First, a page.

THIS NEWS STORY is designed to help the public understand developments in the WTO. While every effort has been made to ensure the contents are accurate, it does not prejudice member governments’ positions.
The deal — the Protocol of Accession — was signed after the meeting by Laos’ chief negotiator, Industry and Commerce Minister Nam Viyaketh, and WTO Director-General Pascal Lamy. Copies will be submitted to the National Assembly in Vientiane. All that remains is for Laos — officially the Lao People’s Democratic Republic (PDR) — to ratify the membership package, and 30 days later it will become a member, over 15 years after it first applied to join the WTO.
“Laos has come a long way since it embarked on the road to membership in 1997,” said WTO Director-General Pascal Lamy. “This is never easy for any least developed country, and Laos’ first steps were slow. But it is now seriously reforming its economy and its institutions, and has shown skill in its membership negotiations.
“Even at the end there were some tricky steps,” he went on. “The ability to strike the deal says much about Laos’ own ability, the flexibility of WTO members who are now implementing a series of decisions to speed up least developed countries’ accession to the WTO, the technical assistance several of them have provided, and the invaluable mediation of the chair of the Working Party, Ambassador YI Xiaozhun of China.”
General Council chairperson Elin Østebø Johansen, who is Norway’s ambassador, told the meeting: “This year has been a particularly important one for the WTO community in the area of accessions: we welcomed four new Members, Montenegro, Samoa, and more recently, the Russian Federation and Vanuatu.
“In July, we also took a very important decision concerning the accession of least developed countries, in line with the mandate by ministers at MC8 [the eighth WTO Ministerial Conference]. I strongly believe that the forthcoming entry of Lao PDR, an LDC [least developed country], into the WTO represents a fundamental step towards its integration into world trade and into the world economy,” Ambassador Johansen said.
“From a systemic point of view, Laos’s entry will also take us a further step towards greater universality in our membership and it is yet another sign of WTO’s ability to deliver important results when members work together constructively towards a common objective.”
Laos’ Deputy Prime Minister and Foreign Minister Thongloun Sisoulith said: “In a country like the Lao PDR, the accession process is not limited to changing some laws and regulations. We had to change our way of doing business. Indeed, such a mind change is a difficult and time-consuming exercise. Given the progress we have made, both institutionally, legally and in our mindset, 15 years actually seems a very short time.”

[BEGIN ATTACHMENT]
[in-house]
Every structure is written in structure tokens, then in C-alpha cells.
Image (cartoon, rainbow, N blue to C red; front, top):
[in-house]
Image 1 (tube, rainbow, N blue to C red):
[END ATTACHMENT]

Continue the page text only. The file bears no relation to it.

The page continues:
In that period, over 90 laws and regulations were enacted, including on trading rights, import licensing, customs valuation, investment, sanitary and phytosanitary measures, technical barriers to trade, and intellectual property rights, Dr Thongloun said.
The task was not easy but Laos benefited from help and advice from WTO members, he said. But, “The negotiations at home — which have to lead to a buy-in into the process — are much more important and difficult than the negotiations here in Geneva,” he added.
Ambassador YI Xiaozhun of China, who chaired the working party, paid tribute to Laos’ efforts as he reported to the General Council: “Over this 15-year period, Lao PDR has undertaken profound domestic reforms and adjustments for its WTO accession. The negotiating team has done an admirable job in this complex and challenging process. As a former WTO accession negotiator for China, I understand the unique challenges of the WTO accession process not only for the acceding government, but also for WTO Members and the WTO Secretariat.”
Delegations also welcomed Laos’ membership. They paid tribute to Laos’ efforts and the collaboration of WTO members. They said the market opening and economic reform accompanying WTO membership, with its principles of transparency, predictability and rules, would help the country develop and make it more attractive for foreign investment. Several of them called for similar flexibility under current guidelines in the membership negotiations of other least developed countries, some referring to Yemen as the next in line to become a member.
At the end, the working party of countries negotiating the membership package with Laos had 66 participants, counting the EU’s member states as well as the EU itself. They agreed on the final deal on 28 September 2012.
- Is Laos a WTO member now?
- What will membership mean for Laos?